Nidau Castle is the landmark of the city, today housing cantonal administration and the museum. The museum has an interesting exhibit on the Jura water correction.
The first wooden castle on the site was built in 1140, followed by a second one in 1180. The presence of the Nidau castle is first evidenced by a deed dated 30 August 1196, issued by Count Ulrich III of Neuchâtel. The first stone castle was built in the early 13th century. It has a square building of about 11.2 m on each side with walls. The main tower was about 40m tall. The three round towers and the ring wall were probably built in the 13th century. It was surrounded by a moat and by the Zihl river. It was built by either Count Ulrich III or his son, Rudolf I of Nidau. The town of Nidau was founded south of the castle by 1338.
The last count of Nidau, Rudolf IV died in 1375 in a battle in the Gugler War. The next owner of the castle was the Prince-Bishop of Basel, Johann von Venningen. However, he was defeated in 1376 and the Counts of Kyburg acquired the castle. In 1379, Count Rudolf von Kyburg sold the castle and town to the Habsburgs. The Habsburgs then gave the castle as a fief to Enguerrand de Coucy, the former commander of the Guglers, in 1387. During the Sempach War, in May 1388, Swiss Confederation forces from Bern and Solothurn attacked and besieged the town and castle for seven weeks before taking Nidau. The castle was heavily damaged and the Swiss forces suffered heavy losses in the battle. Following the war, the town and castle were awarded to Bern in the peace settlement.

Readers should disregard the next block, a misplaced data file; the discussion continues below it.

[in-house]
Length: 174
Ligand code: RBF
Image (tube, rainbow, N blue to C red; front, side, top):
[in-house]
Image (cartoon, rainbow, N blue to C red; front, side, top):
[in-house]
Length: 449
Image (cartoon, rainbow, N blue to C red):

For the next four centuries it was the seat of the Nidau bailiwick. A new gatehouse was built in 1546. Several of the towers were rebuilt in 1587. During the 17th century a residential wing was added to the old main tower. Other ancillary buildings, stables, servants' apartments and a fountain were also added.
After the 1798 French invasion and the creation of the Helvetic Republic the old bailiwick was Nidau was dissolved. In 1803, the Act of Mediation created the district of Nidau and the castle became the seat of the Oberamtmann of the district. The moat was filled in and portions of the ring wall were demolished. With the Jura water correction projects of 1868, the water level in the river and Lake Biel dropped and the castle was no longer surrounded by water. During the 20th century the castle has been renovated and repaired several times.References:
Built around AD 90 to entertain the legionaries stationed at the fort of Caerleon (Isca), the impressive amphitheatre was the Roman equivalent of today’s multiplex cinema. Wooden benches provided seating for up to 6,000 spectators, who would gather to watch bloodthirsty displays featuring gladiatorial combat and exotic wild animals.
Long after the Romans left, the amphitheatre took on a new life in Arthurian legend. Geoffrey of Monmouth, the somewhat imaginative 12th-century scholar, wrote in his History of the Kings of Britain that Arthur was crowned in Caerleon and that the ruined amphitheatre was actually the remains of King Arthur’s Round Table.
Today it is the most complete Roman amphitheatre in Britain.